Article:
California Labor Code 4650 LC requires workers’ compensation insurance companies to increase their temporary disability and permanent disability payments by 10% whenever they are late. The statute, therefore, incentivizes workers’ compensation insurers to pay out all disability payments in full and on time for fear of hefty financial penalties.
The full text of the statute reads as follows:
LC 4650. (a) If an injury causes temporary disability, the first payment of temporary disability indemnity shall be made not later than 14 days after knowledge of the injury and disability, on which date all indemnity then due shall be paid, unless liability for the injury is earlier denied.
(1) If the injury causes permanent disability, the first payment shall be made within 14 days after the date of last payment of temporary disability indemnity, except as provided in paragraph (2). When the last payment of temporary disability indemnity has been made pursuant to subdivision (c) of Section 4656, and regardless of whether the extent of permanent disability can be determined at that date, the employer nevertheless shall commence the timely payment required by this subdivision and shall continue to make these payments until the employer’s reasonable estimate of permanent disability indemnity due has been paid, and if the amount of permanent disability indemnity due has been determined, until that amount has been paid.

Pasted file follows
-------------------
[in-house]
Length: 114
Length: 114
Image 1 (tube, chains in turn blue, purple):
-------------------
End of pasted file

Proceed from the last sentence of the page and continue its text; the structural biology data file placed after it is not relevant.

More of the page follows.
(2) Prior to an award of permanent disability indemnity, a permanent disability indemnity payment shall not be required if the employer has offered the employee a position that pays at least 85 percent of the wages and compensation paid to the employee at the time of injury or if the employee is employed in a position that pays at least 100 percent of the wages and compensation paid to the employee at the time of injury, provided that when an award of permanent disability indemnity is made, the amount then due shall be calculated from the last date for which temporary disability indemnity was paid, or the date the employee’s disability became permanent and stationary, whichever is earlier.
(c) Payment of temporary or permanent disability indemnity subsequent to the first payment shall be made as due every two weeks on the day designated with the first payment.
(d) If any indemnity payment is not made timely as required by this section, the amount of the late payment shall be increased 10 percent and shall be paid, without application, to the employee, unless the employer continues the employee’s wages under a salary continuation plan, as defined in subdivision (g). No increase shall apply to any payment due prior to or within 14 days after the date the claim form was submitted to the employer under Section 5401. No increase shall apply when, within the 14-day period specified under subdivision (a), the employer is unable to determine whether temporary disability indemnity payments are owed and advises the employee, in the manner prescribed in rules and regulations adopted pursuant to Section 138.4, why payments cannot be made within the 14-day period, what additional information is required to make the decision whether temporary disability indemnity payments are owed, and when the employer expects to have the information required to make the decision.